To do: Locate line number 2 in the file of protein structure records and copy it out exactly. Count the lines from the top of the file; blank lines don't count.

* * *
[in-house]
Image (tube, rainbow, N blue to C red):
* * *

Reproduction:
Image (tube, rainbow, N blue to C red):